Selective Catalytic Reduction Technology – What is it?

After stringent legislation was passed to decrease hazardous diesel engine emissions throughout the U.S. and the European Union (EU) it was decided upon by most major manufacturers to incorporate the diesel system technology known as Selective Catalytic Reduction (SCR) to be used in conjunction with a liquid-reductant agent Diesel Exhaust Fluid (DEF - North American) or AdBlue (Europe) to further meet the new standards.    

The system which has been used for decades for cargo vessels, ferries and tugboats has finally made its way into diesel engines for over the road vehicles.  The EU directives were put into place starting in the early 1990’s but beginning in 2004 the European automobile industry started incorporating SCR technology in their Heavy Duty trucks, while the U.S. automotive industry began the transition a little later in 2010.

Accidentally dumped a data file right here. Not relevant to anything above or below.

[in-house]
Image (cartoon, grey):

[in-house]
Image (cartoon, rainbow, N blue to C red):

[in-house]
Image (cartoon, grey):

How it Works

The SCR technology system works concurrently with the liquid-reductant agent – DEF or AdBlue.  The reductant agent is released into the exhaust stream, the heat from the exhaust gas vaporizes the reductant agent turning it into ammonia and carbon dioxide (CO).  The nitrogen (NO) and nitrogen oxide (NO₂) in the exhaust gas reacts with the ammonia once they come into contact with the catalyst and in turn forms harmless nitrogen and water vapor that is expelled back into the atmosphere through the tailpipe without causing substantial losses in efficiency and torque.

SCR Technology

Into the Future

Currently all manufacturers have decided upon the SCR technology for their engines.  Demand is only expected to increase with other industries transitioning in the near future over to the SCR technology to meet the new standards set by governing bodies around the world.  

For more information on all things DEF, please see the following pages: